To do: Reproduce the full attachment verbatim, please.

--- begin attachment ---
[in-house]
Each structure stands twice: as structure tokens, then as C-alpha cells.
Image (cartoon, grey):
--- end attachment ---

[in-house]
Each structure stands twice: as structure tokens, then as C-alpha cells.
Image (cartoon, grey):